A Girl with a Pen Meets More of the Same
I’ve always wanted to write. I’ve wanted to write ever since I discovered my very first, dog-eared anthology of American literature, scored for $2.00, while tagging along on one my mother’s summer yardsaling excursions at the age of twelve. At least that’s the point in time I identify with my first knowing that I wanted to write things, weave stories. Now, I’m one term away from graduating with a B.A. in English Literary Studies, and I haven’t lost any of that fascination with the creative process of producing literature. A fascination, really, with how personal it is. I believe an author lives her fullest when she is writing, and becomes immortal when her works are read and re-read by others. Writing the world is transformative and freeing.
Because I believe writing is such a personal thing, I’ve sometimes tried to imagine the female authors of great classics, such as Virginia Woolf, writing their masterpieces in quiet solitude. I imagine Woolf writing “To the Lighthouse,” while sitting in “a room of her own” (sorry, I couldn’t resist), blissfully unaware of the hustle and bustle of the outside world. The writer, as I’ve sometimes imagined her, is a like a nun, cloistered in the sacred writer’s space. It’s all very idyllic, and that solitude can definitely be beneficial at times, but I’ve since come to realize something: a writer becomes a really good writer, becomes better capable of wringing lilies from acorns, when she writes with others, when she enters that hustle and bustle that is the writing community.
When I was taking my creative writing courses as an underclassmen, I was amazed at how, when there was a deadline and I knew my fellow classmates would be critiquing it, I could put out a fifteen page short story like nothin.’ I mean, I just did it. I didn’t spend time deliberating, fretting, having anxiety attacks about. I just did it. And to my greater surprise, my short stories earned several accolades. If I had retreated into solitude and shied away from collaborative interaction, I may have remained sitting in that room of my own, for months. I need structure. I need peer review. I need a support group. Without these things, I sort of just fail to write good stuff. Or even fail to write, period!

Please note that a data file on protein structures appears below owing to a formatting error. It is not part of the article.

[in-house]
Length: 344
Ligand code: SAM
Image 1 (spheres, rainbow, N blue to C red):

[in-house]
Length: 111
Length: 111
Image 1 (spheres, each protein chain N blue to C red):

That is precisely why blogging has been of tremendous help to me as a writer. I really didn’t see it coming-- I didn’t know that starting my modest little creative writing blog over at Literary Legs would result in my being jerked out of an extended bout of writers’ block. I didn’t know how networking with other writers and bloggers could kick start my own creative impulses! Many of the acquaintances I’ve made with other writers has come through writing forums, as well. I recently joined SheWrites, a women’s writing community. Incidentally, the subheading of the site reads, “A room of her Own Just Got Bigger.” I love that!
I’ve learned that writing doesn’t cease to be personal when you enter into dialogue about your writing. Rather, I think, it gives the time spent writing more significant. If you are a writer, I encourage you to open up that writing space to include the writing community. It’s a learning and growing experience, and your writing will definitely improve!